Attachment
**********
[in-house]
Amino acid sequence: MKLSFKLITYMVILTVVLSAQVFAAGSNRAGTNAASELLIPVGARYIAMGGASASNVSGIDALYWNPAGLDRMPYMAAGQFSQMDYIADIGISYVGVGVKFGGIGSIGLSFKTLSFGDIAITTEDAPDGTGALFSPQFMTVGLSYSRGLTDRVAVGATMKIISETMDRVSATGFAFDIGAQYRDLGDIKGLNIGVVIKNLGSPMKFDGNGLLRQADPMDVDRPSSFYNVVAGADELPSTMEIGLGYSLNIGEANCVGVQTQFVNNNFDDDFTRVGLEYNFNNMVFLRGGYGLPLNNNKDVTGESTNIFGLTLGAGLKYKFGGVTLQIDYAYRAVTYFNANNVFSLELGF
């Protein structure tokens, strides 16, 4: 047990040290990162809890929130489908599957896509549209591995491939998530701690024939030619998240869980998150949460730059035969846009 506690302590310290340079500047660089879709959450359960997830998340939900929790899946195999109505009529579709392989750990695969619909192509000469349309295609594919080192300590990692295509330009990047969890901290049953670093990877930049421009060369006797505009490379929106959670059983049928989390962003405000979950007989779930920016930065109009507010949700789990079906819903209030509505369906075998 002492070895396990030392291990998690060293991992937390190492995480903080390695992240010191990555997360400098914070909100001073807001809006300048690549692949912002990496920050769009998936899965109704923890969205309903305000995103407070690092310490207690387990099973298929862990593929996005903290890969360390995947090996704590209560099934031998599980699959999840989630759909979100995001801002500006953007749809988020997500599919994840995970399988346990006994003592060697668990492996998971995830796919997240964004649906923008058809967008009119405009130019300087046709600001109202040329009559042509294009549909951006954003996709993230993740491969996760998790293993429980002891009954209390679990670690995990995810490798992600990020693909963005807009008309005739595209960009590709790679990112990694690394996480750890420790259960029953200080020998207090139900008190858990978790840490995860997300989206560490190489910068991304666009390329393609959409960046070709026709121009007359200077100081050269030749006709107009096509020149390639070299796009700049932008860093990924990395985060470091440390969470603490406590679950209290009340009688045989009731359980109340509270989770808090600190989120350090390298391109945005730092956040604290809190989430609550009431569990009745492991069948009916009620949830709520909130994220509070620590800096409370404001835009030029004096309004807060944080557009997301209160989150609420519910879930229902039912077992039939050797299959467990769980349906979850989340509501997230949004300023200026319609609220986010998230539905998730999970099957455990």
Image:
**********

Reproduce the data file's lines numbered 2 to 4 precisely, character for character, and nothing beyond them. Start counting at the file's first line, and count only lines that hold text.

Amino acid sequence: MKLSFKLITYMVILTVVLSAQVFAAGSNRAGTNAASELLIPVGARYIAMGGASASNVSGIDALYWNPAGLDRMPYMAAGQFSQMDYIADIGISYVGVGVKFGGIGSIGLSFKTLSFGDIAITTEDAPDGTGALFSPQFMTVGLSYSRGLTDRVAVGATMKIISETMDRVSATGFAFDIGAQYRDLGDIKGLNIGVVIKNLGSPMKFDGNGLLRQADPMDVDRPSSFYNVVAGADELPSTMEIGLGYSLNIGEANCVGVQTQFVNNNFDDDFTRVGLEYNFNNMVFLRGGYGLPLNNNKDVTGESTNIFGLTLGAGLKYKFGGVTLQIDYAYRAVTYFNANNVFSLELGF
């Protein structure tokens, strides 16, 4: 047990040290990162809890929130489908599957896509549209591995491939998530701690024939030619998240869980998150949460730059035969846009 506690302590310290340079500047660089879709959450359960997830998340939900929790899946195999109505009529579709392989750990695969619909192509000469349309295609594919080192300590990692295509330009990047969890901290049953670093990877930049421009060369006797505009490379929106959670059983049928989390962003405000979950007989779930920016930065109009507010949700789990079906819903209030509505369906075998 002492070895396990030392291990998690060293991992937390190492995480903080390695992240010191990555997360400098914070909100001073807001809006300048690549692949912002990496920050769009998936899965109704923890969205309903305000995103407070690092310490207690387990099973298929862990593929996005903290890969360390995947090996704590209560099934031998599980699959999840989630759909979100995001801002500006953007749809988020997500599919994840995970399988346990006994003592060697668990492996998971995830796919997240964004649906923008058809967008009119405009130019300087046709600001109202040329009559042509294009549909951006954003996709993230993740491969996760998790293993429980002891009954209390679990670690995990995810490798992600990020693909963005807009008309005739595209960009590709790679990112990694690394996480750890420790259960029953200080020998207090139900008190858990978790840490995860997300989206560490190489910068991304666009390329393609959409960046070709026709121009007359200077100081050269030749006709107009096509020149390639070299796009700049932008860093990924990395985060470091440390969470603490406590679950209290009340009688045989009731359980109340509270989770808090600190989120350090390298391109945005730092956040604290809190989430609550009431569990009745492991069948009916009620949830709520909130994220509070620590800096409370404001835009030029004096309004807060944080557009997301209160989150609420519910879930229902039912077992039939050797299959467990769980349906979850989340509501997230949004300023200026319609609220986010998230539905998730999970099957455990």
Image: